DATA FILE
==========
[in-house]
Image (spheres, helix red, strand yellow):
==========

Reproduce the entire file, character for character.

[in-house]
Image (spheres, helix red, strand yellow):